recipes, a day late

Husband says that the last thing people want to read the day after Thanksgiving is recipes, and I’m sure these would have been a lot more useful to people a week ago, but the problem is I make things up as I go along, so I never have them until after the fact. Maybe they will be of some use for Christmas. I did have two things turn out better than expected, and a result of a combination of two or three recipes, so here you are.

Sorry I don’t have pictures. Too many things to do all at the same time to stop and take snapshots. I must be the Worst. Blogger. Ever.

Yam and Pumpkin Soufflé

Cut 2 lbs of yams into 2-3″ pieces (don’t bother peeling) and cover with water in a medium-sized saucepot. Cover, bring to boil, and then simmer until they are are quite soft.

Remove the yams from the pan and let cool on a plate, then peel and mash in a large bowl. Add 2 c. of pumpkin — either baked or boiled pie pumpkin or canned pumpkin (not pumpkin pie filling; just pumpkin), 1/2 c. coconut milk (Silk brand or its equivalent, the kind made to drink, not the really high fat stuff in cans), 1/4 c. brandy (or more, I always think it needs more), 1 tsp. cinnamon, 1/2 tsp. galangal (or ginger, but I like the galangal better because it’s a little milder), 1/2 tsp. nutmeg, 1/2 c. brown sugar. Stir until well mixed. In a separate bowl, beat two eggs until light and frothy. Stir into pumpkin mixture. Put the pumpkin mixture into a deep pie pan or soufflé dish.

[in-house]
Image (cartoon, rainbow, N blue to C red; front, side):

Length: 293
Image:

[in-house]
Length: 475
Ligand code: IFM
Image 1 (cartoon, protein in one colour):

Melt 1 T. of butter in a medium-sized skillet. Add 1/3-1/2 c. slivered almonds, and stir, cooking until the almonds just start to brown. Add 2 T. of brown sugar, and keep stirring until the sugar starts to get thickly syrupy (mine didn’t really caramelize, and the almonds were starting to look like they might burn, so I took it off the heat). Spread the sugared almonds over the top of the soufflé.

Bake at 350˚ for an hour, uncovered.

Really light, mildly sweet, even the “children” liked them.